Written by Jeff Thredgold, President & CEO, Thredgold Economic Associates
(This is the companion piece to May 19's "Domestic ABCs")
America-being the world's only superpower is just not what it's cracked up to be. Powerful U.S. economic growth now underway will help the global economy
Budget Deficits-a serious issue in the U.S. and around the world. The French, the Germans, the Japanese, and many others have similar challenges
China-powerful economic growth continues, with political leaders now trying to slow things a bit. China could eventually challenge Japan's position as "top dog" in the Pacific Rim
Dollar (the)-the enormous U.S. trade deficit with the rest of the world has contributed to moderate dollar weakness, primarily versus the euro and the yen. An orderly dollar decline, as has occurred so far, ain't necessarily a bad thing
Europe-growth has been barely above water during the past 30 months, hurt by a strong euro currency and rigid labor markets that limit hiring. Another challenge? Most European governments simply can't afford prior promises to their citizens of early retirement and extensive social programs
Free Enterprise-a way of life that continues to spread around the globe, while Communism and Socialism continue to fail. Was it only 20 years ago that half the world was under strict Communist control?
Growth-we expect the global economy to grow roughly 4.6% this year (after inflation), the best in four years. A similar solid growth rate projected for 2005 suggests the strongest two-year performance in a decade
Hunger-an estimated 40,000 people around the world starve to death every day…a major travesty. From a broad global perspective, the problem of malnutrition is now exceeded by the problem of obesity
India-which country features the longest-standing democracy, the largest middle-class, the largest English-speaking population on the planet, and the most people suffering with AIDS? …that's right
Japan-issues of weak banks, sick investment portfolios, shell-shocked consumers, and an enormous national debt remain. However, this island nation is showing clear signs of solid economic growth, primarily tied to rising exports to China
Korea (North)-political "leaders" in this nation ignore the massive starvation of their people and a failed economic system. Meanwhile, Korea (South) enjoys impressive economic growth
Latin (and South) America-economic growth is improving, especially in Argentina, Brazil, and Chile. Venezuela remains a political powder keg. Impressive flows of capital returning to smaller countries have been a vote of confidence in the future
Mexico-our Southern neighbor is seeing economic improvement. Why? The destination of 90% of Mexico's exports (the U.S.) is doing much better. The term that seemingly always applies to Mexico is "potential"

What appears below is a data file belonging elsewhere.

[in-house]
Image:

Neighbor to the North-Canada's economic rebound has been impressive in recent years. The SARS problem in Toronto, a strong currency, and "a mad cow" in Alberta slowed growth to a crawl this time last year. The economy is now doing better, with national elections in coming weeks
Oil-a handful of factors led prices to exceed $40 per barrel (see last week's Tea Leaf). We expect greater oil price stability in coming years near $30-$36 per barrel…a price that consuming and producing nations can live with. Substantially higher prices would provide consuming nations stronger incentives to develop non-oil energy alternatives...exactly what the Saudis (among others) DON'T want
Protectionism-the other major threat, besides terrorism, to global economic growth and rising global standards of living
Quagmires-there never seems to be a shortage. Today's list still includes Afghanistan, the Middle East, Chechnya, Iraq, and portions of Africa. Who's next?
Russia-solid economic growth has occurred in this hotbed of political back-stabbing and corruption, tied primarily to higher oil production and higher oil prices. The Russians may boost oil output even more
Saudi Arabia-global anxiety about the ability of the Saudis to protect their oil flows is sky high following two major terrorist attacks on Saudi oil facilities
Terrorism-easily the most serious threat to the U.S. and the global community. Any significant terrorist "successes" in major Western nations (especially the U.S.) could temporarily derail the global economy
U.N.-an institution that must step forward and assume more responsibility around the world. Wouldn't it be nice if the U.S. could just be one member of a more relevant and effective United Nations?
Volatility-pick any descriptor…political…economic…financial market
World Wide Web-the powerful explosion in U.S. internet activity is now followed by solid expansion around the world. One estimate has global companies saving $1.25 trillion in operating costs during the next three years alone by using the internet
"X"ports-a "key" to success for global companies...product quality is crucial…price is secondary in many cases. Despite all we hear about China as a major exporter, their appetite for goods from around the world is enormous. Good news? U.S. exports of $95 billion of goods and services to the world in March was the highest ever
Young People (around the world)-facing a rising tax burden in coming decades to finance the retirement years of Baby Boomers (and Boomers' parents) if minor changes are not soon made
Zones-three major trading zones-North America, Europe, and the Pacific Rim-still define the planet's future. Most expect two-thirds of the incremental growth during the next 20 years to take place in the Pacific Rim
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